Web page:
Industry News Roundup

The next generation of video projectors will be several magnitudes better than the best ones available now. A hint of things to come was unveiled by Sony Electronics earlier in March, with a public demonstration of its Silicon Crystal Reflective (SXRD) technology. At the heart of SXRD is a high-density fixed-pixel micro display generating over 2 million pixels (1920 x 1080 pixels) of picture data from a 0.78"-diagonal panel with a pixel pitch of 9mm each and an inter-pixel spacing of just 0.35mm.

SXRD pixel density is approximately 2.5 times better than comparable micro displays now available. SXRD achieves a 10X improvement in pixel spacing compared to typical LCD or single-panel DLP products, according to Tim Alessi, director of Sony's television and digital media marketing division. "The Holy Grail of high definition is realized by achieving the highest pixel density in the smallest image area possible," he said. "SXRD accomplishes this while providing the brightest picture and the highest contrast levels as well. All this from a device that is highly reliable and relatively simple to manufacture."

SXRD projectors and displays could achieve unprecedented black level and brightness, with a contrast ratio of 3000:1, according to advance publicity. Sony predicts that the first SXRD television products—including both front- and rear-projection sets—will come on the market by the end of the year. Further down the road—several years, perhaps—is another futuristic display technology Sony is calling "grating light value (GLV) laser projection." Possible uses include commercial theaters and very high-end home theater applications.

Only months after breaking the $3000 price barrier on a 42" plasma display, Gateway Computer has announced drastic cutbacks in its workforce. The Poway, CA–based company announced March 18 that it would soon close 76 Gateway Country stores and cut about 1900 jobs. The belt-tightening could save Gateway as much as $200 million in the coming year and put it back on the path to profitability, according to chairman Ted Waitt. "We’re taking the tough but necessary steps to continue our transformation back to healthy growth," he said. The retail cutbacks will affect 29% of the company's stores. Waitt said Gateway would expand its offerings in the remaining stores, adding more convergence products, including audio and video gear.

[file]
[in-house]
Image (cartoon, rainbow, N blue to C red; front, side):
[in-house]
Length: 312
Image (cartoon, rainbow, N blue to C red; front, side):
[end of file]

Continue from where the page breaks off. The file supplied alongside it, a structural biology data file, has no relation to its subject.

Three Republican senators have asked FCC chairman Michael Powell to reconsider further loosening of ownership restrictions on media outlets without more input from ordinary Americans. Senators Wayne Allard (CO) and Olympia Snowe and Susan Collins, both of Maine, cautioned the chairman that proceeding without public hearings would "be inappropriate to make significant changes that could have a sweeping impact on how our society engages in public debate without first having a complete public airing of these changes . . . A fully functioning democracy depends on media sources with diverse voices and opinions as well as content relevant to local communities. Over the years, courts have reaffirmed the belief of Congress that independent ownership of media outlets results in more diverse media voices, greater competition among owners and the production of more local content."

The Senators' appeal to Powell came almost simultaneously with a resolution passed by the Philadelphia city council stating its support for ownership caps and the diversity of viewpoints that it implies. To date, Powell has hosted only one public hearing on the issue, in Richmond, VA. He has said further hearings aren't necessary given the enormous amount of correspondence his agency has received on the issue.